3. The only thing that can be added to bourbon is water (and only to bring it down to proof). Other whiskey makers can add colors and flavors to their products.

4. Whiskey can age in re-used barrels. By law bourbon must use NEW charred American white oak barrels. Scotch whiskey often recycles barrels first used for bourbon. Probably to try to steal some of the bourbon’s flavor!

5. It can’t say “bourbon” on the label if it’s not distilled in the United States. And it can’t be “Kentucky Bourbon” unless it’s distilled in Kentucky.

The “Pray for Betty White” movement is cute and all, but I think the person who really needs our prayers right now is Ruth Bader Ginsburg.

Ruth Bader Ginsburg is a liberal member of the United States Supreme Court. Being a Jewish woman and a big advocate for women’s rights, her presence on the Supreme Court has really helped American law move towards equality. For example, Ginsburg is the first Supreme Court justice to officiate a same sex-wedding, is a big advocate for equal voting rights, and as a feminist, her voice and vote in the Supreme Court has helped protect women’s reproductive rights for years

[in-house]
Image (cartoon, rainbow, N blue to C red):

The problem is, Ginsburg is 83 years old (the oldest member) and a cancer survivor. If she passes away, Trump will be in charge of replacing her presence on the United States Supreme Court, and you can be sure that he’ll replace her with somebody who is against everything she stands for.

At the moment, the Supreme Court consists of 4 liberal members, 3 conservative members, and Justice Kennedy, who is a conservative swing (a conservative member that occasionally sides with the liberals). The confirmation of Trump nominee Neil Gorsuch would give conservatives a potential edge of 5 to 4, which means conservatives could control what cases enter the Supreme Court for a vote, as well as the results. It only takes a simple majority of 5 votes to overturn a case. Nevertheless, we have fared well in a 4 liberal, 4 conservative, and 1 conservative swing court before. It’s not good, but not the end of the world.